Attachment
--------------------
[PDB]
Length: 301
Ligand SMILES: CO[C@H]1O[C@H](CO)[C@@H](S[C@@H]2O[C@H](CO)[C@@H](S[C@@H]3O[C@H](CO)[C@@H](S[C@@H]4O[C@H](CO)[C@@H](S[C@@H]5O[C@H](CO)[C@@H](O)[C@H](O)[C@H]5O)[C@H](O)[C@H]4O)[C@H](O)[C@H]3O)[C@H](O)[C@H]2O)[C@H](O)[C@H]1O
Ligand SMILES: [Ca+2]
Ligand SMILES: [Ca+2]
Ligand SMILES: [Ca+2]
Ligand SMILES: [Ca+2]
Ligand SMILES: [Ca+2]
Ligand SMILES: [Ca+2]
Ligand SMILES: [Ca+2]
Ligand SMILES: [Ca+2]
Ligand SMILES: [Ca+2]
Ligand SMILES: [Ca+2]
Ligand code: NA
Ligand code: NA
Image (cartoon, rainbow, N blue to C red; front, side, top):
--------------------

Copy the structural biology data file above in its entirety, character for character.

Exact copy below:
[PDB]
Length: 301
Ligand SMILES: CO[C@H]1O[C@H](CO)[C@@H](S[C@@H]2O[C@H](CO)[C@@H](S[C@@H]3O[C@H](CO)[C@@H](S[C@@H]4O[C@H](CO)[C@@H](S[C@@H]5O[C@H](CO)[C@@H](O)[C@H](O)[C@H]5O)[C@H](O)[C@H]4O)[C@H](O)[C@H]3O)[C@H](O)[C@H]2O)[C@H](O)[C@H]1O
Ligand SMILES: [Ca+2]
Ligand SMILES: [Ca+2]
Ligand SMILES: [Ca+2]
Ligand SMILES: [Ca+2]
Ligand SMILES: [Ca+2]
Ligand SMILES: [Ca+2]
Ligand SMILES: [Ca+2]
Ligand SMILES: [Ca+2]
Ligand SMILES: [Ca+2]
Ligand SMILES: [Ca+2]
Ligand code: NA
Ligand code: NA
Image (cartoon, rainbow, N blue to C red; front, side, top):